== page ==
Chattanooga poor fair excellent good fair-
Knoxville poor fair good excellent fair-

Then the sorted scores would be as follows:

City   
  Median point
Nashville
 
Knoxville
 
Chattanooga
 
Memphis
 
   
 
          Excellent      Good      Fair      Poor  

The median ratings for Nashville, Chattanooga, and Knoxville are all "Fair"; and for Memphis, "Poor". Since there is a tie between Nashville, Chattanooga, and Knoxville, "Fair" ratings are removed from all three, until their medians become different. After removing 16% "Fair" ratings from the votes of each, the sorted ratings are now:

City   
  Median point
Nashville
   
Knoxville
   
Chattanooga
   

Chattanooga and Knoxville now have the same number of "Poor" ratings as "Fair", "Good" and "Excellent" combined, so their medians are rounded down to "Poor", while Nashville's median remains at "Fair". So Nashville, the capital in real life, wins.

If voters were more strategic, those from Knoxville and Chattanooga might rate Nashville as "Poor" and Chattanooga as "Excellent", in an attempt to make their preferred candidate Chattanooga win. Also, Nashville voters might rate Knoxville as "poor" to distinguish it from Chattanooga. In spite of these attempts at strategy, the winner would still be Nashville.

History[edit]

This system has several salient features, none of which is original in itself. First, it is a rated system. Since such systems include approval voting, which has been independently reinvented many times, this aspect is probably the least original. However, voting theory has tended to focus more on ranked systems, so this still distinguishes it from most voting system proposals. Second, it uses words, not numbers, to assign a commonly understood meaning to each rating. Balinski and Laraki insist on the importance of the fact that ratings have a commonly understood absolute meaning, and are not purely relative or strategic. Again, this aspect is unusual but not unheard-of throughout the history of voting. Finally, it uses the median to aggregate ratings. This method was explicitly proposed to assign budgets by Francis Galton in 1907[4] and was implicitly used in Bucklin voting, a ranked or mixed ranked/rated system used soon thereafter in Progressive era reforms in the United States. Also, hybrid mean/median systems, which throw away a certain predefined number of outliers on each side and then average the remaining scores, have long been used to judge contests such as Olympic figure skating; such systems, like majority judgment, are intended to limit the impact of biased or strategic judges.

The full system of Majority judgment was first proposed by Balinski and Laraki in 2007.[5] That same year, they used it in an exit poll of French voters in the presidential election. Although this regional poll was not intended to be representative of the national result, it agreed with other local or national experiments in showing that François Bayrou, rather than the eventual runoff winner, Nicholas Sarkozy, or two other candidates (Ségolène Royal or Jean-Marie Le Pen) would have won under most alternative rules, including majority judgment. They also note:

Everyone with some knowledge of French politics who was shown the results with the names of Sarkozy, Royal, Bayrou and Le Pen hidden invariably identified them: the grades contain meaningful information.[6]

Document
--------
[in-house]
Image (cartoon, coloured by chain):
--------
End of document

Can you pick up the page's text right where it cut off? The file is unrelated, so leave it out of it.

It has since been used in judging wine competitions and in other political research polling in France and in the US.[7]

See also[edit]

Notes[edit]

  1. ^ Strategically in the strong Nash equilibrium, MJ passes the Condorcet criterion.
  2. ^ MJ provides a weaker guarantee similar to LNH: rating another candidate at or below your preferred winner's median rating (as opposed to one's own rating for the winner) cannot harm the winner.
  3. ^ It can fail the participation criterion only when, among other conditions, the new ballot rates both of the candidates in question on the same side of the winning median, and the prior distribution of ratings is more sharply peaked or irregular for one of the candidates.
  4. ^ A "+" or "-" is added depending on whether the median would rise or fall if median ratings were removed, as in the tiebreaking procedure.

References[edit]

  1. ^ Balinski and Laraki, Majority Judgment, p. 217
  2. ^ Majority judgment's inventors argue that meaning should be assigned to the absolute rating that the system assigns to a candidate; that if one electorate rates candidate X as "excellent" and Y as "good", while another one ranks X as "fair" and Y as "poor", these two electorates do not in fact agree. Therefore, they define a criterion they call "rating consistency", which majority judgment passes. Balinski and Laraki, "Judge, don't Vote", November 2010
  3. ^ Nevertheless, it passes a slightly weakened version, the majority condorcet loser criterion, in which all defeats are by an absolute majority (for instance, if there are not equal rankings).
  4. ^ Francis Galton, “One vote, one value,” Letter to the editor, Nature vol. 75, Feb. 28, 1907, p. 414.
  5. ^ Balinski M. and R. Laraki (2007) «A theory of measuring, electing and ranking». Proceedings of the National Academy of Sciences USA, vol. 104, no. 21, 8720-8725.
  6. ^ Balinski M. and R. Laraki (2007) «Election by Majority Judgment: Experimental Evidence». Cahier du Laboratoire d’Econométrie de l’Ecole Polytechnique 2007-28. Chapter in the book: «In Situ and Laboratory Experiments on Electoral Law Reform: French Presidential Elections», Edited by Bernard Dolez, Bernard Grofman and Annie Laurent. Springer, to appear in 2011.
  7. ^ Balinski M. and R. Laraki (2010) «Judge: Don't vote». Cahier du Laboratoire d’Econométrie de l’Ecole Polytechnique 2010-27.
  • Balinski, Michel, and Laraki, Rida (2010). Majority Judgment: Measuring, Ranking, and Electing, MIT Press